Tough terrain saves Sikkim’s high-altitude forests

Clearing: Agricultural land use was more in lower regions of Sikkim Himalaya.  

Being higher and out of reach is probably saving Sikkim’s high-altitude tropical forests. Scientists find that land-use patterns changed more drastically in the more-accessible lower regions, causing a staggering 16% decline in primary broadleaved forest cover in the Sikkim Himalaya.

Primary forests, which host native vegetation and are still undisturbed by human activities, are declining worldwide. Globally, more than 40 million hectares of such forest have been converted for other uses since 2000. A majority of this has been in the tropics, where logging and clearing forests for industrial development are concerns. Human activities also transform primary forests into agricultural land and secondary forests (disturbed forests which replace logged primary forests).

Unfortunately, this is common in the broadleaf forest tracts of India’s Sikkim Himalaya which thrive between 1,000-2,800 metres above mean sea level. When researcher Radhika Kanade of Bengaluru’s Ashoka Trust for Research in Ecology and Environment (ATREE) went looking for primary forest patches in the lower reaches (around 1,000 m) here, she could barely find any. However, most of the slightly higher reaches (2,000-2,800 metres, which were difficult to access due to the terrain), still supported primary forests.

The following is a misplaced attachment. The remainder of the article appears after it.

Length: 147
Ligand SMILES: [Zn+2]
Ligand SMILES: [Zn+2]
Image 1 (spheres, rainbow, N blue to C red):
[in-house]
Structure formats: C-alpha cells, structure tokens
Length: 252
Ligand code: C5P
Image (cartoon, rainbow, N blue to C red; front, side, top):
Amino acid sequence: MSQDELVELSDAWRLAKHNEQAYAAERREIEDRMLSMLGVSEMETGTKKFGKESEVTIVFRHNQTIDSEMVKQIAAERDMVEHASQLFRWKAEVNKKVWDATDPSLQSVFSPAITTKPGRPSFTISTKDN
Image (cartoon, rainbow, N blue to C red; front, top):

Wondering if topography, such as the presence of steep terrain, could be influencing this pattern, Kanade and Robert John (Indian Institute of Science Education and Research, Kolkata) studied satellite images from 1990 to 2013 to examine the land-use changes near Sikkim's Teesta river.

They surveyed several areas between 2011 and 2013 to confirm current land use.

The team's results, published in the journal Applied Geography, show a 16% decline in primary forest cover in this Eastern Himalaya biodiversity hotspot. This is higher than regional level declines reported so far (such as the 8.4% decline in Southeast Asian forest cover estimated by the Global Forest Resources Assessment in 2015). A staggering 14,740 hectares of primary forest was transformed during the 23-year period — some into secondary forest, parts of which again transitioned to agricultural land.

The scientists’ hunch was right: elevation, slope and aspect (the direction a slope faces) influenced land-use patterns. Agricultural areas steadily expanded, mainly in the lower regions. Undisturbed primary broadleaved forest is now restricted to higher reaches that are relatively difficult to access and unsuitable for activities like agriculture and agroforestry.

“These higher-altitude areas are also legally protected and this plays a role too,” says Kanade.

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Printable version | Nov 25, 2021 5:27:24 PM |

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